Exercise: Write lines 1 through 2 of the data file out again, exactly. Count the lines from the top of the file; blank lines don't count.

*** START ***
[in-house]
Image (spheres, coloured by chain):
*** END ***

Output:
[in-house]
Image (spheres, coloured by chain):